Filth, Food and Cleanliness; Or, Lawyers and Poop

I’ve been thinking a lot about my poop post lately. Part of me does indeed regret it (“Don’t s**t where you eat or where you blog about eating”), but the other part of me–the mad scientist part of me–keeps rubbing its hands together and declaring: “We may be on to something here.”

I pushed and pushed and pushed until I came up with it: poop IS an appropriate area of discussion on a food blog because it pinpoints what is often missed by the overly cerebral food critics—the fact that food is VISCERAL.

Watching Alton Brown last night, I became distracted by the overmiked sounds of food preparation: the sloshy sounds of batter being stirred or the almost sexual loading up of the pastry bag. As he rolled back the layer of plastic, the noises bothered me. It was almost condomesque. I felt a certain repugnance: this is a Food Network show, these sounds are supposed to be wiped out!

But, of course, when we cook there is no sound mixer to mute the sounds of the bacon sizzling or the sauce gurgling. In your own kitchen, that’s pleasurable. Those sounds are, in a way, an extension of yourself: like the pride you may take in the echo of a mighty burp.

What I am setting up here is a dichotomy: the private self cooking at home, comfortable with the noises and the sloshing and the dripping and the tasting, and the public self who wants to view food as “clean” and “pure”—which is why William Grimes rarely mentioned his bowel movements.

In her book “Romantic Outlaws, Beloved Prisons,” one of my favorite law school professors–Martha Duncan–writes:

“Human infants enjoy playing with feces, while older children exhibit a special fascination with mud pies, fingerpaints, and other slimy, smeary things. Currently, there is a toy on the market that consists of a green gelatinous ooze; it is called, simply, Slime.

As children grow older, their attraction to slime is overlaid with a veneer of repugnance, and mental conflict results. This conflict has been acknowledged in an amusing way by the creators of another contemporary toy, Icky-Poo. On the back cover of the Official Icky-Poo Book, which accompanies a container of sticky slime, the editors declare, ‘You’ll be disgusted with yourself for loving it.’ Conscious mental conflict is painful; therefore, children develop defense mechanisms to avoid awareness of their attraction to dirt.” (137)

I think fear of cooking is a function of this repugnance. Hence the illusion, when you dine out at a fine restaurant, that everything is clean, everything is pure. The tablecloths are white. The drinking glasses sparkle. The silverware is practically ready for surgery.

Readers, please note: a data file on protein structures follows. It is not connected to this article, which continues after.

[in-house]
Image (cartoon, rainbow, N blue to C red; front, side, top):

The idea of the “open kitchen” feeds into this frenzy. An “open kitchen,” at most restaurants, entails a performance by the chefs who are probably coached not to scratch their faces or sweat too profusely. When I recall my time as a waiter, the image I have of the chefs flying around is of them constantly mopping their sweaty brows. Yes, even at a high quality restaurant the chefs sweat. They’re human.

Sweat, poop, slime—these are terms we don’t want to think about when we think about food. But it is when we think about them that we begin to realize that food, unlike any other medium of expression, is intimately linked to our bodies and that unlike writing a book or composing a symphony, the end result of our labor becomes physically part of us.

It is that visceral quality about food which explains why I and many other lawyers turned to food in law school as a means of escape.

In his eGullet Q&A famed food writer and lawyer Jeffrey Steingarten answers the question: why do so so many lawyers become food writers?

Among his many theories, is this one: “In the Freudian sense, lawyers are orally fixated. They talk a lot. Of course, they don’t do badly at the other end, either. They obsess a lot.”

Anal fixation ties directly back into Martha Duncan’s theory: “When the polarities of filth and cleanliness, mess and order, are central to a person’s mental life, we speak of obsessive-compulsive neurosis. This neurosis derives from an unusually strong attachment to the anal zone….”

For me it’s easy to see how the dry, antiseptic drone of the law school led me to the rich, fragrant world of the kitchen. When Rick, my favorite college professor, asked me why I turned to cooking in law school I answered: “Because it’s visceral.” He laughed because, he said, his partner–Chuck–who also got into cooking in law school uses the exact same word to explain it.

The reason, I think, that this website seems so personal despite the fact that I write exclusively (well, for the most part) about food is that food is intimate. Every time you see a picture of an item of food hovering near my mouth, you are sharing in a very private bodily act. In essence, you are watching me poop.

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